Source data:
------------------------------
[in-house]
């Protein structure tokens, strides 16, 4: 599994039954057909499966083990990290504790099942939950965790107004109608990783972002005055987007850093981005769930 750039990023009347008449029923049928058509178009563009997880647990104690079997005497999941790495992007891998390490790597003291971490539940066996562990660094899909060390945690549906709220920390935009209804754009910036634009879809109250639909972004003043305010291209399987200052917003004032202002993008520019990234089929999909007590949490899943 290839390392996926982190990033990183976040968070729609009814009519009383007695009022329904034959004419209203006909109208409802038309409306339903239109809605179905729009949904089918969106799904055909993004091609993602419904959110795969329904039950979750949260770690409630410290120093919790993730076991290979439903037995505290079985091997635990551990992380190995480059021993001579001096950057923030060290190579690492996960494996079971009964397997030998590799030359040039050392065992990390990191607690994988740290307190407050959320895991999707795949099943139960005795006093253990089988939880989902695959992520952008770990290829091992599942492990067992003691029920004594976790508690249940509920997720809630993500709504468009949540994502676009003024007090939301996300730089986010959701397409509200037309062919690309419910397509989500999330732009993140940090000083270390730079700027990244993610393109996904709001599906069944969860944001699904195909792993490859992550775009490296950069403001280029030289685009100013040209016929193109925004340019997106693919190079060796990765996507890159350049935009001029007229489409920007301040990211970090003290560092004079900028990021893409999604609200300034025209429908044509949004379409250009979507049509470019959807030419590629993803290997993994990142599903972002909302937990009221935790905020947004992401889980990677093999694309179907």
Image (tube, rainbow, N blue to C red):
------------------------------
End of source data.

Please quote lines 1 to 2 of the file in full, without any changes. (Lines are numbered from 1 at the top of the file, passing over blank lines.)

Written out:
[in-house]
């Protein structure tokens, strides 16, 4: 599994039954057909499966083990990290504790099942939950965790107004109608990783972002005055987007850093981005769930 750039990023009347008449029923049928058509178009563009997880647990104690079997005497999941790495992007891998390490790597003291971490539940066996562990660094899909060390945690549906709220920390935009209804754009910036634009879809109250639909972004003043305010291209399987200052917003004032202002993008520019990234089929999909007590949490899943 290839390392996926982190990033990183976040968070729609009814009519009383007695009022329904034959004419209203006909109208409802038309409306339903239109809605179905729009949904089918969106799904055909993004091609993602419904959110795969329904039950979750949260770690409630410290120093919790993730076991290979439903037995505290079985091997635990551990992380190995480059021993001579001096950057923030060290190579690492996960494996079971009964397997030998590799030359040039050392065992990390990191607690994988740290307190407050959320895991999707795949099943139960005795006093253990089988939880989902695959992520952008770990290829091992599942492990067992003691029920004594976790508690249940509920997720809630993500709504468009949540994502676009003024007090939301996300730089986010959701397409509200037309062919690309419910397509989500999330732009993140940090000083270390730079700027990244993610393109996904709001599906069944969860944001699904195909792993490859992550775009490296950069403001280029030289685009100013040209016929193109925004340019997106693919190079060796990765996507890159350049935009001029007229489409920007301040990211970090003290560092004079900028990021893409999604609200300034025209429908044509949004379409250009979507049509470019959807030419590629993803290997993994990142599903972002909302937990009221935790905020947004992401889980990677093999694309179907």